Why do people appear so certain in a time of great uncertainty?
Many who support mitigation restrictions also find the costs unacceptable
One feature of the pandemic has been consistent polling data showing strong public support for non-pharmaceutical interventions (NPIs). This level of support has been constantly reported across most media sources. With help from three excellent co-authors, I recently published a paper outlining why these polling data over-simplify what people think. Our research produced several interesting findings by assessing people’s attitudes in much greater depth than headline polling questions. I shall describe a couple of the key results.
First, we found people were conflicted about the cost-benefit trade-off of NPIs. Just like the polls suggest, we found the majority said they supported the restrictions, but then they also thought they carried serious side effects, and they thought that several of those side effects were an unacceptable cost to bear. The headline polling thus hides much of the ambivalence people feel about NPIs. Importantly, this conflict was already evident in the first wave of our research, back in June 2020, so it is not just a recent development.
This level of inconsistency might appear initially surprising, but attitudinal research shows people are usually conflicted about difficult issues, and if you only examine one aspect of the issue you will misunderstand what people really think. An equivalent example would be to ask people whether they’d like to pay less tax – and when the unsurprising answer is the vast majority say ‘Yes’, to then interpret this as meaning they must also be happy to have fewer hospitals and schools. This would not be the case!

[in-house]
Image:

We have understandably wanted to be in control of the virus so we can prevent its worst effects, but the evidence suggests we have not been.
Second, we found that people initially judged the threat of COVID-19 via the policy response. In other words, people thought the threat must be very serious, otherwise, the very serious restrictions would not have been put in place. Using the magnitude of the policy response to judge the novel threat is highly logical. At the start of the pandemic, what other information was available to most people upon which they could base their judgement?
But this also means people supported lockdowns, in essence, because they existed. This circular relationship between threat assessment and policy response makes it hard to judge public support in terms of whether they really saw lockdowns as a proportionate response to the threat, as the proportionality aspect was necessarily embedded within their initial judgement.
This method of threat assessment remains relevant now, as people will have used their initial position to then interpret the incoming ambiguous evidence. And this will have worked in combination with the presentation of strong public support as the norm, to reaffirm people’s confidence that the NPIs must have been necessary and proportionate.
However, as the pandemic has progressed, people now have a direct experience to rely upon. Some people have lost loved ones to COVID-19 or suffered badly from the virus, and such experiences may encourage a desire for restrictions to be maintained or enhanced. Similarly, some people have suffered hugely from the NPIs, and these experiences of course likely increase their desire to see restrictions lifted. As we move forwards, it is crucial that empathy with one another forms a cornerstone of our day-to-day interactions. We have all suffered differently.
Alongside the paper, the Royal Society asked me to write a blog about the motivation behind the work. In this blog, I outline why I felt uneasy from the very start of the pandemic at how scientific questioning of NPIs was sparse and even unwelcome. Instead, we saw near unanimous certainty that the lockdown policies being enacted around the world were, without doubt, the right course of action to deal with COVID-19. I of course recommend looking at the blog, and paper, if you’d like to know more about why I think this certainty arose!